If you're not convinced yet, freelance Content Marketer and blogger Mike Farmer has some interesting points for you.
One thing I would add to his post is the importance of creating a Content Curation hub to really capture the benefits of your Content Curation efforts. Sharing links is just not going to be enough: in a world where tweets have a very short lifetime, you need to give your curated content a second chance by putting it on a curation layer where it can be discovered from search and from people with similar interests.
This can be a blog, a site or a Scoop.it page but if you're going to make content curation part of your content marketing strategy, you will need that long term repository that social networks don't bring.
What Reid Hoffman writes in this post might be obvious to some but it's a fundamental point I see others overlook more often than not. Context is really important both in real life and on social media.
If you extend that train of thought, you realize that the topic you're addressing also changes the context. Which is why bringing curation with the right context under a topic-centric model is so important.
How do you develop and display your talent efficiently and with impact? This is the SlideShare we've put together on why and how professionals embrace Content Curation to make their talents shine online.
5 themes and 21 ideas to help create a content strategy We'd no doubt agree that creating, sharing, distributing and promoting great content is now a very. Marketing topic(s):Content marketing strategy.
How to Measure the Social Success of Content MarketingSearch Engine WatchKnowing how to measure the impact that social media has on content marketing efforts is of utmost importance if you want to accurately measure success.
"Working so hard to make your blog great can be depressing without feedback. And that's difficult to come by!"
Mark Schaeffer touches a very interesting point of social media in general and blogging in particular.
Why the heck am I doing that?
This is the question you will sooner or later ask yourself if you started a blog or a social media publishing activity. If you've followed us for a while, you know this is one of the frustration we had that pushed us to create Scoop.it. And also the more important question of how do you make an impact?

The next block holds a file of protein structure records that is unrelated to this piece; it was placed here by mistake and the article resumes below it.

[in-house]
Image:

One of the answers we found is in developing the interest graph. Some people have the ability to impact many. That's rare. And most of us don't. But all of us have the ability to impact other people that share their interest. By looking at the complexity of the social web through the prism of interests, we come out with a totally different possible way to organize the web, define influence and being impactful.
Think about it this way: in what you do everyday, is it more important to influence a million random strangers or the tens or hundreds of people who care deeply about the same topic that you do?
"Less is more" is a principle that made the success of some great products. Take the iPhone in its early days for instance: much less features than competing smartphones at that time but a beautiful interface that brought an ease-of-use never seen before.
Medium seems to be going down that path by focusing on delivering true wysiwyg editing on an online service while removing a lot of the bells and whistles that Wordpress and other platforms have.
While this is certainly interesting and exciting, I wonder whether it won't make this too impressive for the casual blogger or writer. With Medium, it seems like you won't be able to rely on anything else than the simple power of words. But then again, it might be the intention: getting the best storytellers excited about the platform rather than an attempt to democratize publishing?
Entrepreneur (blog)The New SEO: How to Build an Online Presence Google Will Love!Huffington Post (blog)Another great way to prevent your site from getting hit with a Google update is by pushing your content on social networks.